If so, for how long? Most owners have a wealth of institutional knowledge based on their years of building and growing their companies. In most cases, acquirers will want to preserve that knowledge by keeping shareholders in the business going forward. The way that role evolves or manifests itself is typically a collaborative discussion between the buyer and seller. This is a point of negotiation like everything else in a transaction, but often times we see sellers in a position to pursue their desired role going forward. Most buyers will request shareholders stay in the business for a minimum two year “transition period”, particularly if the owners maintain a key operational role. In some strategic sales, sellers are not required to stay if the buyer is convinced that the sellers are not critical to the future success of the company. Also, do you have the management depth to support the transaction you are pursuing? If you want to ride off into the sunset, do you have a second in command that’s ready to take the reins?
  • What should I tell my employees?
    This can be entirely dictated by the culture of the company or the type of transaction being pursued. We often recommend keeping the circle of knowledge as small as possible during initial dialogues and until the transaction is nearly completed. There is some risk of destabilizing the workforce or employees if a transaction does not close, so the fewer people that know, the better. In general, most transactions bring greater opportunities to employees. The goal of all acquisitions is growth, which should have a positive impact overall.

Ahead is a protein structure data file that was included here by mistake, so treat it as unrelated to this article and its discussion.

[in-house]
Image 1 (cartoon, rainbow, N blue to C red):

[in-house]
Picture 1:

• What is a recapitalization?
    A recapitalization (or “recap”), as opposed to a complete sale, gives business owners the opportunity to sell a portion of their company while still maintaining a significant ownership stake and executive role – in essence creating liquidity and risk diversification today, while setting the stage for a second “bite of the apple” down the road when the company is sold again in 3-7 years. These transactions enable business owners to partially cash out of their investment in the business and capitalize on the enormous amount of sweat equity they have contributed over the years. It is very different from a complete sale of the company. The controlling shareholders continue as partners, investors, and managers of the company while the new partners are typically a private equity group that share the ownership’s culture and vision for the future of the business. If you would like to learn more about this type of transaction, click here.

If you have any questions regarding the information provided above, please feel free to contact:

David W. Shoulders
Managing Director
Matrix Capital Markets Group, Inc.
(804) 591-2034
dshoulders@matrixcmg.com

The contents of this publication are presented for informational purposes only. While Matrix Capital Markets Group, Inc. and MCMG Capital Advisors, Inc. (“Matrix”) believe the information presented in this publication is accurate, this publication is provided “AS IS” and without warranty of any kind, either expressed or implied, including, but not limited to, the implied warranty of merchantability, fitness for a particular purpose, or non-infringement. Matrix assumes no responsibility for errors or omissions in this publication or other documents which may be contained in, referenced, or linked to this publication. Any recipient of this publication is expressly responsible to seek out its own professional advice with respect to the information contained herein.